Relationships between the distribution of Amphistegina and the submerged Pleistocene reefs off western Puerto Rico


Seiglie, G.A.

Transactions of the Caribbean Geological Conference 5(5): 141

1971


Paleoecology of Amphistegina, Archaias, and Quinqueloculina (foraminifera) in Pleistocene reefs.

RELATIONSHIPS
BETWEEN
THE
DISTRIBUTION
OF
AMPHISTEGINA
AND
THE
SUBMERGED
PLEISTOCENE
REEFS
OFF
WESTERN
PUERTO
RICO*
GEORGE
A.
SEIGLIE**
UNIVERSITY
OF
PUERTO
RICO,
MAYAGUEZ
CONTENTS
Page
ABSTRACT
139
I.
INTRODUCTION
139
II.
SIMILAR
TOPOGRAPHIC
FEATURES
IN
OTHER
AREAS
_____
140
III.
TOPOGRAPHY
OF
THE
SEA
BOTTOM
BETWEEN
GUANAJIBO
AND
MASCO
BAY
141
IV.
DISTRIBUTION
OF
AMPHISTEGINA
142
V.
CONCLUSIONS
AND
SUMMARY
_____
146
REFERENCES
ABSTRACT
The
study
area
lies
off
the
central
part
of
the
western
coast
of
Puerto
Rico.
It
has
a
maximum
north-south
extent
of
12
kilom-
eters
and
is
11
kilometers
in
the
east-west
direction.
The
sample
net
consists
of
over
one
hundred
samples.
The
remnants
of
an
incipient
Pleistocene
reef
at
80
to
85
meters
of
depth
and
a
wave
cut
terrace
at
55
meters
of
depth
were
found
with
five
echo-sounder
profiles.
Three
main
foraminiferal
reef
assemblages
exist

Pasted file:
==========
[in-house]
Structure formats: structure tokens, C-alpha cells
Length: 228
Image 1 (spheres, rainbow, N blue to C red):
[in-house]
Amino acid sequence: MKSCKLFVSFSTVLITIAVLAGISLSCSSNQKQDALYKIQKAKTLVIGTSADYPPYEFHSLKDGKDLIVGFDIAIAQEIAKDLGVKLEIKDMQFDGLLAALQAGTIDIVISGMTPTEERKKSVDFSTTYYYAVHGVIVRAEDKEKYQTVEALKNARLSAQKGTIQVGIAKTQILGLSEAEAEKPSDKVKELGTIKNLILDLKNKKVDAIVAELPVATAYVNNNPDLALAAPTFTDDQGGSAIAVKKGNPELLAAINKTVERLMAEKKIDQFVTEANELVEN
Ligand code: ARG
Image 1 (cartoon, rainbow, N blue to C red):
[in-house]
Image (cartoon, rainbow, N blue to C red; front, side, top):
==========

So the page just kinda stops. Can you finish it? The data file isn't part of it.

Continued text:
in
the
Antillean
Caribbean
region.
Two
are
Amphistegina
faunas
(
with
no
Archaias
present):
one
in
the
Gulf
of
Mexico
and
the
other
one
off
eastern
Venezuela.
The
third,
an
Amphistegina-Archaias
fauna,
oc-
curs
in
the
warmer
waters
of
the
Antilles.
Three
shallow-water
modern
reefs
were
sampled
bordering
the
eastern
side
of
the
area
where
Amphistegina-Archaias
assem-
blage
occurs.
The
highest
percentage
of
Amphistegina
gibbosa
(up
to
61%
)
is
pres-
ent
in
these
reefs
from
8
meters
to
15
meters
of
depth.
The
percentage
decreases
down
to
approximately
80
meters
where
it
increases
to
a
maximum
of
12%
in
front
of
Los
Ne-
gros
reefs.
A
relict
foraminiferal
fauna
oc-
curs
at
this
depth.
It
consists
mainly
of
Amphistegina
gibbosa
and
Quinqueloculina
*This
project
was
supported
by
the
U.S.
Commission
of
Atomic
Energy
under
contract
AT(
40-1
)-1833.
Presented
to
the
Fifth
Carib-
bean
Geological
Conference,
Saint
Thomas,
Vir-
gin
Islands,
July
1968.
**Department
of
Geology,
University
of
Puerto
Rico,
Mayaguez,
Puerto
Rico;
and
Ma-
rine
Biology
Program,
Puerto
Rico
Nuclear
Cen-
ter.
146
lamarckiana
indicating
waters
probably
colder
than
present.
Amphistegina
gibbosa
was
found
living
off
Puerto
Rico
in
the
shallow
reefs
at
6
meters
of
depth
down
to
70
meters
of
depth.
However,
in
the
submerged
Pleisto-
cene
reefs
most
of
the
specimens
of
this
foraminifer
are
glauconitized.
Its
percentages
are
many
times
higher
in
the
glauconitized
assemblage
than
in
the
total
assemblage
of
foraminifera.
The
submerged
reefs
off
western
Puerto
Rico
correlate
in
depth
with
the
calcareous
prominences
of
the
Gulf
of
Mexico
and
the
submerged
reefs
off
the